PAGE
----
The messaging system 102 may include a telephony user interface 304. The interface 304 may support subscriber interactions through any combination of Dual Tone Multifrequency (DTMF) key input, speech recognition, Graphical User Interfaces (GUIs) or other input mechanisms. The telephony user interface 304 may include messaging applications 306, call control applications 308, audiotext applications 310, and mobility applications 312.
The outcalling system 302 may communicate information to the subscriber from any of the applications 306-312. In particular, the outcalling system 302 may inform a subscriber of new voice messages and may make delivery attempts for the voice messages. The outcalling system 302 may also attempt to deliver email, faxes, calendar appointments, or any other information to the subscriber.
The telephony interface 314 may include network interfaces for many different telephony devices. The devices may be supported through a public branch exchange (PBX) 322, public switched telephone network (PSTN) 323, or other infrastructure. The network interfaces may be Time Division Multiplexed (TDM) interfaces, direct trunk interfaces, Internet Protocol (IP) interfaces, or other interfaces. While the telephony interface 314 may externally support many different interfaces, the telephony interface 314 may present fewer (e.g., one) logical interfaces to the messaging system 102. The logical interface may be a telephony abstraction layer through which the messaging system 102 communicates with each of the network interfaces.
The call router 316 may handle incoming calls. The call router 316 may determine which application 306-312 will handle the call. The call router 316 may examine call information such as the calling number, called number, redirecting number, or other information to determine the appropriate application 306-312. Once the application 306-312 is determined, the call is physically or logically connected to the application 306-312. The application 306-312 may determine prompts to play to the subscriber and may process input from the call (e.g., DTMF tones that select menus options).
A data abstraction layer 318 may provide a single view of directory and message information that is independent of a particular information source. The data abstraction layer 318 also may provide the messaging system 102 with flexible support for email, groupware, or other application servers 324 that interact with the messaging information in the database 320. The messaging information may reside in an external store or an internal store, and may be synchronized between the stores. In some implementations, the database 320 may store messages, while in other implementations, the messages may be accessed through the data abstraction layer 318. The data abstraction layer 318 may support one or more directory services 326, such as the Active Directory service, Exchange 5.5 directory service, Domino service, generic Lightweight Directory Access Protocol service, or other services.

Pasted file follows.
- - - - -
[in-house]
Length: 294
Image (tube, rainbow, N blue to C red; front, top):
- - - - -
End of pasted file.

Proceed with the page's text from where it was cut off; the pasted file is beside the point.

The management GUI 328 may provide a graphical user interface for both subscribers and administrators (e.g., through an administration terminal 330). Administrators may manage settings such as system wide call routing, holiday settings, tracing, or other options or settings. Subscribers may manage settings such as their greetings, their personal call handling rules, their outcalling preferences and criteria, their schedule, or other options.
The subscriber may use the telephone interface 314 or the management GUI 328 to set outcalling options, (e.g., to activate outcalling or establish message filters), outcalling schedules, to specify criteria that may trigger outcalling, or set other outcalling options. The outcalling system 102 may store or establish a pre-selected state or set of states that indicate increased likelihood of successful message delivery. Alternatively, the subscriber may specify the presence states that indicate increased likelihood of message delivery to that subscriber.
For example, one subscriber may select both ‘Available’ and ‘Be Right Back’ as presences that indicate an increased likelihood of successful message delivery. More sophisticated rules may be established using logical tests, conditions, branches. For example, a subscriber may establish a rule that “If the message sender is my boss, then a presence state of ‘In Meeting’ indicates an increased likelihood of successful message delivery.”
The subscriber may also specify one or more telephone numbers, pager numbers, email addresses, or other endpoints to which the outcalling system 302 should attempt message delivery. The outcalling system 302 may place an outcall to one or more of the endpoints in parallel or sequentially.
The outcalling system 302 may place a telephone call to the subscriber. For example, the outcalling system 302 may call the subscriber when the messaging system 102 has received a message for the subscriber. The message may be a voice message, email, video, facsimile or other type of message. The message also may be a compound message. The compound message may be a message that has multiple parts of the same or different media types. As one example, a compound message may be a fax with three voice attachments.